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Paul Vallely: Simply locking up terrorists won’t work

07 February 2020

Longer sentences might make the problem worse, says Paul Vallely


Police activity outside a property on Leigham Court Road, Streatham, after the terrorist attack in Streatham High Road, this week

Police activity outside a property on Leigham Court Road, Streatham, after the terrorist attack in Streatham High Road, this week

THE knife-wielding terrorist who was shot dead in Streatham this week was wearing a fake suicide vest. So was the jihadist who killed two prison reform researchers in Fishmongers’ Hall (News, 6 December). So were the three Islamist killers in the Borough Market/London Bridge attack. So were the two inmates who attacked officers inside HM Prison Whitemoor. A number of theories have been offered in explanation.

Initially, it was said that the phoney explosives were designed to deter members of the public from tackling the terrorists. Then it was said that the jihadis were trying to protect themselves from being shot by the police. Most recently, the theory has been advanced that, on the contrary, the men were encouraging the police to open fire so that they could become martyrs to Islam in what has been dubbed “suicide by cop”.

This last idea is the most disturbing, but it fits the facts. A study by Professor Olivier Roy, a French academic, has shown that, in the 20-year period up to the Bataclan massacre (News, 20 November 2015), almost every terrorist in France blew themselves up or got themselves killed by the police. Many quoted the voice message left by Osama bin Laden in the aftermath of 9/11, when he stated: “We love death as you love life”.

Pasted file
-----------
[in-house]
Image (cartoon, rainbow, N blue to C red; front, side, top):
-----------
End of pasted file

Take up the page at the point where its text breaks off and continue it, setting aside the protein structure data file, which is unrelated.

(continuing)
All that might seem to justify Boris Johnson’s decision to put an end to the practice of releasing terrorists after they have served half their prison sentence. That may keep the public safe for a little while longer. But it does not solve the real problem, which is that, when these convicts are eventually released from jail, the threat that they pose will be undiminished. It may even be intensified.

Individuals with a distorted notion of Islam need to be brought face to face with the true message of the religion that they purport to embrace. They need a deeper education in the faith; so that they see that their previous theological rationalisation for violence is a perversion. Instead, many find that their radicalisation is intensified by being thrown together in prison with others of the same ilk. They can come out worse than they went in.

Professor Roy’s study suggests, however, that these are not religious fundamentalists who turn to violence. Rather, they are violent nihilists who adopt Islam as the vehicle for their dysfunction and discontent. Some 25 per cent of European jihadists are converts. The profile of the others is far from religious: they are typically the children of immigrants, initially well integrated, living a highly secular life — clubbing, drinking alcohol, having sex, getting involved in drug dealing and acts of violence — who suddenly become “born-again Muslims” after being radicalised on the internet or in small groups rather than community mosques.

Such individuals may need locking up, but, once inside, they need religious rehabilitation, psychological treatment, and an education which resocialises them. Once released, they need the support of the probation services, which have been devastated by public-spending cuts.

Forceful Conservative law-and-order responses will not be sufficient to undo the damage done by decades of Tory austerity. Prisons must not only be places of retribution: they must be places of redemption. If Mr Johnson does not address this, he will not be solving the problem — he will merely be postponing it.

Jihad and Death: The global appeal of Islamic State, by Olivier Roy is published by Hurst

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